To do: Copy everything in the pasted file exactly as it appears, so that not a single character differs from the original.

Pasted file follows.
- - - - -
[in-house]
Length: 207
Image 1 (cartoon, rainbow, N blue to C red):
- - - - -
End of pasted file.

[in-house]
Length: 207
Image 1 (cartoon, rainbow, N blue to C red):